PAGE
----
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Jason's Blog: ECG Challenge of the Week for March 3rd - 10th.

jer5150's picture

Patient's clinical data:
73-year-old white man.


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Average: 4.8 (5 votes)


Dave Richley's picture

I'm struggling to explain this one. There is an underlying sinus rhythm with LBBB, but there are premature beats with normal conduction. The premature beats are preceded by P waves which are different in shape from the sinus rhythm P waves and associated with a shorter PR interval, so I assume they are of atrial origin, but why is the associated QRS narrow? Could it be because of supernormal conduction in the left bundle branch? Is such a thing even possible? Following the atrial premature beat, the next sinus P wave is delayed slightly, as is usually the case, and the QRS is again of normal width. This is easy to explain by assuming that the LBBB is rate-dependent and that, given enough time, such as is provided by a post-ectopic pause, the LBB is capable of conducting.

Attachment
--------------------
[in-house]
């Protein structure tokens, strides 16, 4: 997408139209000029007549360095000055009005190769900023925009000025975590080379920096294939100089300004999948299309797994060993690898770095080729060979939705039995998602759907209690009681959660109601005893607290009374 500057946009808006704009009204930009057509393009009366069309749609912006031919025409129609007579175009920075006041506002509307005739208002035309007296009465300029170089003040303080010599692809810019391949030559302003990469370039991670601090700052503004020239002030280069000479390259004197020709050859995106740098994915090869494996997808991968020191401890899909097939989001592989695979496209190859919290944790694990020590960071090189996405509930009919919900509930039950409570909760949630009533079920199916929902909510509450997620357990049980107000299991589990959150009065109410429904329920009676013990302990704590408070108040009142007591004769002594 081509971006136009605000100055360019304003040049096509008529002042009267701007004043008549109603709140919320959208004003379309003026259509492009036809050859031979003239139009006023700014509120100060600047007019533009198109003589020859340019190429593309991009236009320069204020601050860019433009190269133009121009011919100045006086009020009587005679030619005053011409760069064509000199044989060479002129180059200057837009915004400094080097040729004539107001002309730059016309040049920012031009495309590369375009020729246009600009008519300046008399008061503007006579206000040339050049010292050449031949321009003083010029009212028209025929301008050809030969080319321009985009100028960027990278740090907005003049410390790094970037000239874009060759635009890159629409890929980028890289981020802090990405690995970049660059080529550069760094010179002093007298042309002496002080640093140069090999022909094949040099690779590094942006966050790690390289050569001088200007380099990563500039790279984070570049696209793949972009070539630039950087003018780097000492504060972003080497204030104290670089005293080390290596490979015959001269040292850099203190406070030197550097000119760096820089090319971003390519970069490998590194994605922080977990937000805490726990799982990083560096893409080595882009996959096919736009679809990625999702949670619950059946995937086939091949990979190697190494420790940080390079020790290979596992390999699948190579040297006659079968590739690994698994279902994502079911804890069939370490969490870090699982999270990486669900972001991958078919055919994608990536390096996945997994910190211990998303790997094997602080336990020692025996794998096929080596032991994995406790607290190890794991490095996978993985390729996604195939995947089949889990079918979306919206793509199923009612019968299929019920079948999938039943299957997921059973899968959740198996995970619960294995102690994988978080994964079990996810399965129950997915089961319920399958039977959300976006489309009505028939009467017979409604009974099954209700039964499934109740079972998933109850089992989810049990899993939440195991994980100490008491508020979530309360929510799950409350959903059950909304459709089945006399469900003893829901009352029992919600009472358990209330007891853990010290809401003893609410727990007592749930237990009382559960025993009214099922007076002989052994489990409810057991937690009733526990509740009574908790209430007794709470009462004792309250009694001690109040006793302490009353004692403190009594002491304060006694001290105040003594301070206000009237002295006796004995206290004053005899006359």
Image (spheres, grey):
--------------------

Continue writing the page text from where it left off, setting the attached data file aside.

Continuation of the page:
So my initial guess is sinus rhythm with rate-dependent LBBB and atrial premature beats with supernormal LBB conduction. However, I may yet change my mind!

Dave R's picture

Two things I can usually count on from this excellent ECG Weekly Challenge:

  1. A superb tracing from Jason.
  2. An astute and concise explanation offered by Dave Richley!

I was about to post my interpretation of this when I saw Dave's first. I agree completely:

  • Underlying sinus rhythm.
  • Rate-related LBBB. Note that the P waves preceding beats #3,4,5 - 7,8,9 — 11,12,13,14 are identical in morphology AND in PR interval. They are NOT premature — therefore this proves the QRS widening is the result of rate-related LBBB.
  • Beats #6 and 10 are premature. These beats are preceded by early-occurring P waves with a different morphology — therefore they are PACs! The ONLY explanation I can think of for the narrow QRS is supernormal conduction!